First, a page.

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    Principals Roundtable: Managing Client Expectations

    David Stark's 26,000-square-foot courtyard at the Smithsonian’s National Portrait Gallery in Washington for the 50th anniversary of Art in Embassies. Photo by Heidi Ehalt.

    David Stark's 26,000-square-foot courtyard at the Smithsonian’s National Portrait Gallery in Washington for the 50th anniversary of Art in Embassies. Photo by Heidi Ehalt.

    This is the first in a series of articles that will cover the main issues discussed at the recent principals roundtable held by Interior Design at the magazine's One Night Only event in Washington, D.C.

    The very high expectations of today's clients was one of the ideas that garnered a universal nod of assent among panelists at  Interior Design’s recent principals roundtable in Washington, D.C. Many agreed that managing these expectations has become the name of the game, citing a pervasive post-recession ‘do more with less’ mentality.

    “We certainly have to contend with the HGTV attitude: ‘Do this in an hour, for $20’,” said one partner at a small D.C. firm. (To ensure a frank and open conversation about the high priority issues impacting the design industry, Interior Design agreed not to identify attendees.)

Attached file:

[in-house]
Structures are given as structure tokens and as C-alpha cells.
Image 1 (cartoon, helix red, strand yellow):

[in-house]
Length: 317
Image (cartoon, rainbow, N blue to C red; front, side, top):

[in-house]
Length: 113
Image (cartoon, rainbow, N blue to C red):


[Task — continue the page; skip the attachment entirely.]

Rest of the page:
But, panelists were quick to point out, this ethos of efficiency has not slowed growth in the industry. Rather, says one principal, “It couldn’t be a more exciting time. We really have willing, open-minded clients.” Although tight budgets remain a central concern for designers—especially in commercial markets—the panelists agreed that clients are willing to spend time and money to be creative and use materials in new ways.

    Just as designer-client relationships are changing (as one panelist remarked, “It’s refreshing to see clients pushing hard for design”), so too are the dynamics within firms themselves. An influx of tech-saavy, yet inexperienced “20-somethings”—who have high expectations for their own work-life balance—has more established professionals concerned. How can they temper valuable raw talent with the real-world experience necessary to be successful in the industry long-term?

    While many expressed anxiety that access to advanced technology like digital-rendering software gives young designers a false impression of their own knowledge, a partner at a large firm brought up the idea that mentoring in the industry should be a two-way street: “I see what they can do with technology, and it’s astounding. But there is no substitute for knowledge and experience.”